The paper reports on production of English lexical stress by fluent Japanese speakers of English. The Japanese speakers showed similar patterns to native English speakers for vowel duration and F0 of stressed and unstressed vowels. However, the Japanese speakers' control of vowel quality was different from English speakers. The English speakers varied their F1 and F2 values depending on whether vowels were stressed or not; unstressed vowels were centralized. However, vowel stress had no effect on the vowel quality of the Japanese speakers' utterances. They expressed English accent by duration, F0 and intensity. Therefore, Japanese speakers appear to be more sensitive to duration and F0 in English, which are phonologically important features in Japanese, but are not very sensitive to vowel quality. These results imply that in the process of L2 acquisition, some acoustic features are easier to acquire than others, and for Japanese speakers it is difficult to acquire L2 phonemes.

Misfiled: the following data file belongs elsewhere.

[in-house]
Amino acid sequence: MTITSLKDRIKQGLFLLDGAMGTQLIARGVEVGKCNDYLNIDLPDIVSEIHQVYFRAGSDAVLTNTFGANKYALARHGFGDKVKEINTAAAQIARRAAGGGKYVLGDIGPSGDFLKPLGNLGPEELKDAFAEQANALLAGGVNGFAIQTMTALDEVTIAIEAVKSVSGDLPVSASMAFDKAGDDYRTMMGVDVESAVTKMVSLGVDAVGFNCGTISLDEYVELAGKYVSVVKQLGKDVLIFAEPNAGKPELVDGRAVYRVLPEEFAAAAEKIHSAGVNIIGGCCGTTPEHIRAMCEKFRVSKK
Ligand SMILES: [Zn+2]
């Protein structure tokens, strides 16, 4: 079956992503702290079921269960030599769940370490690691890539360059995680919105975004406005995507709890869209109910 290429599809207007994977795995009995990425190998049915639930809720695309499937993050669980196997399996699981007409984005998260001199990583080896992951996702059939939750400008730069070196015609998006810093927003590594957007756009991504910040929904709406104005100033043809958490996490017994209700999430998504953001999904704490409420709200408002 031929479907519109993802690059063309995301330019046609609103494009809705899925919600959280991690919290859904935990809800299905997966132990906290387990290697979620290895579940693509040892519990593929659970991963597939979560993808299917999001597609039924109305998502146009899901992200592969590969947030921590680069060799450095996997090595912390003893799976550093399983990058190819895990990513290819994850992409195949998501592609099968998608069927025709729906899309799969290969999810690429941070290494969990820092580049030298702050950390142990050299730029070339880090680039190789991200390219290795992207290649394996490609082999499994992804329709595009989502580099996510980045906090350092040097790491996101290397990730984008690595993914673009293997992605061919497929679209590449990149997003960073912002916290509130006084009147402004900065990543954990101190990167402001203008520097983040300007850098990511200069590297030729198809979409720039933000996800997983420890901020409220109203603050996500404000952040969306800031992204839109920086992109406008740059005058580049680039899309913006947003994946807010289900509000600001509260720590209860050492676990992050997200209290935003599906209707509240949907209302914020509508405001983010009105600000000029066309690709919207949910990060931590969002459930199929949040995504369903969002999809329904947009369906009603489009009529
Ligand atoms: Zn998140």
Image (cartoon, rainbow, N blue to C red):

Proceedings of the 10th Generative Approaches to Second Language Acquisition Conference (GASLA 2009)
edited by Melissa Bowles, Tania Ionin, Silvina Montrul, and Annie Tremblay
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